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Experiments behind the Veil: Structural Influences on Judgments of Social Justice

Gregory Mitchell, Philip E. Tetlock, Daniel G. Newman and Jennifer S. Lerner
Political Psychology
Vol. 24, No. 3 (Sep., 2003), pp. 519-547
Stable URL: http://www.jstor.org/stable/3792324
Page Count: 29
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Experiments behind the Veil: Structural Influences on Judgments of Social Justice
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Abstract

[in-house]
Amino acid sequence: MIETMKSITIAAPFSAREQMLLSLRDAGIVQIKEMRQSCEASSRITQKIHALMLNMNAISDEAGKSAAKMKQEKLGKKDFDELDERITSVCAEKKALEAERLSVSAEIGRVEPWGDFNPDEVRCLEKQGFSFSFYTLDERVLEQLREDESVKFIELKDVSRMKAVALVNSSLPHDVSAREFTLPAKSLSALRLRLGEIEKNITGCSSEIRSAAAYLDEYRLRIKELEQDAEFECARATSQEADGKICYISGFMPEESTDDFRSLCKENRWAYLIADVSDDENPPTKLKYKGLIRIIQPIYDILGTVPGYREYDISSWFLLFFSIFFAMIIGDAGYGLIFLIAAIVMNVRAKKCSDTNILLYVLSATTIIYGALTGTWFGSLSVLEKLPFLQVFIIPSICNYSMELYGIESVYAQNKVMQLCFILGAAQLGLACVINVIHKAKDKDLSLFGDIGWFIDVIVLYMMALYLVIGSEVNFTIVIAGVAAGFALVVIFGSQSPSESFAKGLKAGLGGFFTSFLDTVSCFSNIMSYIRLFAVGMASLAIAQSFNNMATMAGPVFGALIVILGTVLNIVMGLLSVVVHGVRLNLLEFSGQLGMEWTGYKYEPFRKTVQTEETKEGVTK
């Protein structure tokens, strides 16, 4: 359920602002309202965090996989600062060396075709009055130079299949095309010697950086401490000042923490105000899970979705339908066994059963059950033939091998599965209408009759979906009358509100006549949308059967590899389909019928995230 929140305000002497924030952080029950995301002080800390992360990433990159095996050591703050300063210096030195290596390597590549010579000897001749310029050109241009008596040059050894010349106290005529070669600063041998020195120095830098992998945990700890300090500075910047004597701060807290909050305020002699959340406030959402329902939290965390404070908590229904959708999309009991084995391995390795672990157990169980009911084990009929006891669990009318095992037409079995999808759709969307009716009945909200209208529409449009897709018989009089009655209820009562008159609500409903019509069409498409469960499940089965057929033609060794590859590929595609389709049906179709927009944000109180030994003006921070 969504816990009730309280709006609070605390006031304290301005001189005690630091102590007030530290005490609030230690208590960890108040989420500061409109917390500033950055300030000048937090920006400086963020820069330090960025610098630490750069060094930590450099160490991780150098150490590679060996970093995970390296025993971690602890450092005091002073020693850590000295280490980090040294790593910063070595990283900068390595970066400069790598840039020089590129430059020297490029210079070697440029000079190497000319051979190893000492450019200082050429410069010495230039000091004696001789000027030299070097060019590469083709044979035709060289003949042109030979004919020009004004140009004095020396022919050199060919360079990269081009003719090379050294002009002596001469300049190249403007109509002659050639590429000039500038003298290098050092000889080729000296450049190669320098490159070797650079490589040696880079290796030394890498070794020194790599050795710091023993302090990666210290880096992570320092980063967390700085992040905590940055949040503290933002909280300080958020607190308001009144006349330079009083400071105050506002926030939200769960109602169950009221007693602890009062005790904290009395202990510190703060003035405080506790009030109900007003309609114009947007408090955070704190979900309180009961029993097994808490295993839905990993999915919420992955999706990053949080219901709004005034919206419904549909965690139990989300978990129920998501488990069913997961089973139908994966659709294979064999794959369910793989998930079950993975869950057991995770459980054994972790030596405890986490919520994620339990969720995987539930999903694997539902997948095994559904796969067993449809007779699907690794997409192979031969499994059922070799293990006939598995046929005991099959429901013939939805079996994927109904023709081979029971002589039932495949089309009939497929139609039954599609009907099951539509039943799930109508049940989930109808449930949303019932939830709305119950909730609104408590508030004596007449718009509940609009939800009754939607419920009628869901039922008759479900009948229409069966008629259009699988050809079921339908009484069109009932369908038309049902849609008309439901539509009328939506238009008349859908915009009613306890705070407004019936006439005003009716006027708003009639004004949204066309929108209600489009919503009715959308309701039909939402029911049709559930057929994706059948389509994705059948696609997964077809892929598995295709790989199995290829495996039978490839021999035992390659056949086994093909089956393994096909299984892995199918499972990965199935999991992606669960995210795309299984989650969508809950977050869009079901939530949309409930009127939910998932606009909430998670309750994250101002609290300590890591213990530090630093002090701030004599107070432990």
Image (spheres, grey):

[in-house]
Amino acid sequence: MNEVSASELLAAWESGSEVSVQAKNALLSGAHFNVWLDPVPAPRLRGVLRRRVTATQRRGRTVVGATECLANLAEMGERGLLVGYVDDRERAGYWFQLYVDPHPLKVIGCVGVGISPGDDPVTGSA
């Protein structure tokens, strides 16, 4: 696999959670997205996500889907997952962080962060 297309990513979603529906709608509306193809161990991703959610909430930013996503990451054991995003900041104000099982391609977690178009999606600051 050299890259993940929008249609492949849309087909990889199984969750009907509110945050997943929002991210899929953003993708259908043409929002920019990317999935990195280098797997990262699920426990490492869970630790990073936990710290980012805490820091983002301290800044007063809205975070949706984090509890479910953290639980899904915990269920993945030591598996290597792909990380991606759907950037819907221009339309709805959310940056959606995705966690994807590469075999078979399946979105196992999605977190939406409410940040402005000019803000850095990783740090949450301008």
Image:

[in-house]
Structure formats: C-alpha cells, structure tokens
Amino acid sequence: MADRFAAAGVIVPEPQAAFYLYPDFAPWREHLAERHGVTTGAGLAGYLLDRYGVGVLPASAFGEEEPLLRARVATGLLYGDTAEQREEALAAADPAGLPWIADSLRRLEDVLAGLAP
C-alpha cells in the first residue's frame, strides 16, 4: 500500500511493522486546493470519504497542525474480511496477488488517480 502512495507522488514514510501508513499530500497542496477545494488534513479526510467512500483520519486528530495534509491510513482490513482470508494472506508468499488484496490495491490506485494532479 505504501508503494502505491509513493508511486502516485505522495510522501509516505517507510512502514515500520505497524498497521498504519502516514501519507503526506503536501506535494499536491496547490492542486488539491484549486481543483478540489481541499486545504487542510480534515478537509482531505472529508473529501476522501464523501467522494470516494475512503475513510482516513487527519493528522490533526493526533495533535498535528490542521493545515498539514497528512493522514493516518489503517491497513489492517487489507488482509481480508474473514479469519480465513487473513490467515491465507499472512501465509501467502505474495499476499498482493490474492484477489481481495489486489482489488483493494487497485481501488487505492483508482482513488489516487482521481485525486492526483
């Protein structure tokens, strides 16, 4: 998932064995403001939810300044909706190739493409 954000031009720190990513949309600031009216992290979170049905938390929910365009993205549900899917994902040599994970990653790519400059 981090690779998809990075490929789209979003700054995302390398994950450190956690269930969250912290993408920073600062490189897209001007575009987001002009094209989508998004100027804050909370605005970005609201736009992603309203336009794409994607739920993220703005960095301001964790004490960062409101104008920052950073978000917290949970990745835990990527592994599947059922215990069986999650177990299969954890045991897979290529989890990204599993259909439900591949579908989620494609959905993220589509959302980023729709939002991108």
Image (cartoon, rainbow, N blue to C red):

In two experiments, participants judged the fairness of different distributions of wealth in hypothetical societies. In the first study, the level of meritocracy in the hypothetical societies and the frame of reference from which participants judged alternative distributions of wealth interacted to influence fairness judgments. As meritocracy increased, all participants became more tolerant of economic inequality, particularly when they judged fairness from a redistribution frame of reference that made salient transfers among socioeconomic classes. Liberal participants, however, placed a greater emphasis on equality than did conservative participants across all conditions. In the second study, reactions to income transfers depended on the efficiency of the transfers and the identity of the groups receiving the benefits, but conservatives placed a greater emphasis in their fairness judgments on tying benefits to workfare requirements, whereas liberals did not distinguish between unconditional welfare transfers and workfare transfers.

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